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Yields Higher, Time to Act?

15 November 2016 by Mark Holman

The last week has seen sharp moves in the world’s risk free rates driven by sentiment from across the Atlantic that the new Trump administration will initiate a large fiscal stimulus plan that will spur growth at the expense of inflation. A similar sentiment has been hanging over the gilt market, as participants anticipate the content of next week’s autumn statement by the new Chancellor.

The market’s initial conclusions in both cases are: bullish for growth, bearish on rates and bullish for credit spreads.

It is hard to argue with this conclusion, although the move seen over the past week has been quite extreme. Where this move will end is hard to predict at the moment, as we have lived in a world where ultra loose monetary policy has buoyed asset prices and kept the world’s risk free rate low. Now if we have a regime change, and the focus moves to a more conventional route of monetary stimulus, where do yield curves move to…and more to the point, where can we invest in fixed income without having too much exposure to getting this decision right or wrong?

US Treasuries have stolen the limelight over the past week with the 30-year bond breaching the 3 % mark yesterday for the first time since the start of the year. The move is up almost 100bps from the morning after the UK referendum vote and 30bps since the morning of the US presidential election. In the UK, gilts are only just back at levels prior to Brexit, and we are staring at inflation of 3-4%, that we know will come our way in the next 12 months.  Meanwhile, US inflation is merely market expectation of Trump’s policies that might be enacted. We could write many paragraphs on why these yields may have risen too much, or may still have further to go, but let’s keep it short and focus on where we can invest while this uncertainty hangs over us.

I would conclude the discussion on the recent rate moves as a situation that we have to watch very closely but not commit to until there is more clarity. When rates become a source of risk the moves can be violent but they do not tend to last too long; although exceptions do occur such as in 1994 when the move upwards in risk free lasted from February until November, followed by a huge rally back in 1995. However, I am not comparing today’s situation with then, I am merely looking at timeframes. Bernanke’s taper tantrum lasted from May until September 2013, following the more normal relatively short-term moves within the risk free sector. The opportunity for a rally in the aftermath is a good one though, so we must and will pay close attention.

In the meantime, we should invest in areas that have less sensitivity to this upward move in risk free. We should also not forget that the policies being discussed should be constructive for credit, although we must acknowledge that ultimately uncontrolled growth does increase the risk of the economic cycle ending badly. In our view though it is too early to be talking about that.

 

Sectors such as banking or infrastructure are most likely to benefit from these transitional periods, but given the very high correlations in fixed income, this is just tactics. Strategically, focussing on higher yield and lower duration has to give the most opportunity during these periods of transition. Floating rate notes were the best fixed income assets to have in 1994 as credit spreads tightened and their complete lack of rate sensitivity pushed prices higher; European CLO’s might be a good example. BB-rated Euro notes yield around 600 over Libor. However, the FRN market is small and hard to express ones preferences accurately, so although not quite as good, short duration bonds with plenty of credit spread to absorb the move up in risk free curves are a good second choice. Old bank hybrids, that the banks are retiring as they no longer function as required under new capital regimes, are as good a way of playing this as I can think of; many are high BB or BBB-rated and yield 4-5% and remain well sought after and in short supply.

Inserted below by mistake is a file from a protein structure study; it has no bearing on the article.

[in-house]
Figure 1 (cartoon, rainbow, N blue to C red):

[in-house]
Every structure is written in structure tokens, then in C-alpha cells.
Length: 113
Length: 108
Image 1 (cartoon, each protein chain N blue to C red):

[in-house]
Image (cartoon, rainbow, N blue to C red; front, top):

We should also think about yield curve shapes and how these may change as a consequence of policy change. Inflation hits the long end most, however policy makers primarily decide short rates. In the US the inflation that may come through as a result of expansionary fiscal policy, is the “wrong sort of inflation” and therefore the Fed will be more inclined to act. In the UK, the inflation that we know is coming is more transitory, so the BoE is expected to remain on hold. Accordingly, the front end of £ and € curves may well be safest in the short term; although again we would acknowledge that the market is likely to overshoot in $ curves in fear of Fed action.

A short mention must also go to cash, which is not a strategy, but will be a short-term requirement in order to have the flexibility to get back into rates products when the recent upward move in yield has peaked.

In short, it does not feel time yet to add additional risk, and our focus remains on shorter dated bonds and floating rate bonds with plenty of yield. However, the sharp upward movement in rates products is interesting to observe as it could provide a good opportunity down the line.

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